Justificatory structures: Taoist and Cofucian ethics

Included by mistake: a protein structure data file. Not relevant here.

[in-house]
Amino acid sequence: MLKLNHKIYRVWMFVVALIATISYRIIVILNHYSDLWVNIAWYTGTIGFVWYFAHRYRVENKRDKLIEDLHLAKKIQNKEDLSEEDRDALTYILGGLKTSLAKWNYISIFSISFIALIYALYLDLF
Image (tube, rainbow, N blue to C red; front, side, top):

The normative claims of some ethical theories receive justification from their founding layers. But some lack foundations. It becomes a meta-ethical challenge to understand the justificatory devices such theories employ. This study compares Taoism and Confucianism as Eastern examples of two theory types. The idea of harmony with Tao fuses metaphysics of immanence with the ethic of nonaction, intending a metaphysical justification for the norm of non-action. Confucian ethics, dispensing with a religious, metaphysical or empirical theoretical foundation for normative ethics, uses appeal to tradition as a justificatory device. A comparative critique shows that Taoist ethics needs support of tradition as Confucian ethics needs trust of experience and thought in the justification of normative claims. It is argued that developing an art of comportment in the interstice of moral theories is more important than trying to build a moral theory with complete justification.


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